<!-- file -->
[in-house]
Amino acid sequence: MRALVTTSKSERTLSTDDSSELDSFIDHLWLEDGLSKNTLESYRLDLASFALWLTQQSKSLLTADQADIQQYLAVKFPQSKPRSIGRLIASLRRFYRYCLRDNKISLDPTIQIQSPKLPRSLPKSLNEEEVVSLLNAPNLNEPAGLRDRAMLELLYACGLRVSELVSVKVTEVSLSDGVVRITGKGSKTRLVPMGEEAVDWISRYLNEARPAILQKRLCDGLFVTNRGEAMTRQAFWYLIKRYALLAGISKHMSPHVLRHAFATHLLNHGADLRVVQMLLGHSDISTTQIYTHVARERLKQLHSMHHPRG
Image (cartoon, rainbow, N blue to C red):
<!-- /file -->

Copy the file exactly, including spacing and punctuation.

[in-house]
Amino acid sequence: MRALVTTSKSERTLSTDDSSELDSFIDHLWLEDGLSKNTLESYRLDLASFALWLTQQSKSLLTADQADIQQYLAVKFPQSKPRSIGRLIASLRRFYRYCLRDNKISLDPTIQIQSPKLPRSLPKSLNEEEVVSLLNAPNLNEPAGLRDRAMLELLYACGLRVSELVSVKVTEVSLSDGVVRITGKGSKTRLVPMGEEAVDWISRYLNEARPAILQKRLCDGLFVTNRGEAMTRQAFWYLIKRYALLAGISKHMSPHVLRHAFATHLLNHGADLRVVQMLLGHSDISTTQIYTHVARERLKQLHSMHHPRG
Image (cartoon, rainbow, N blue to C red):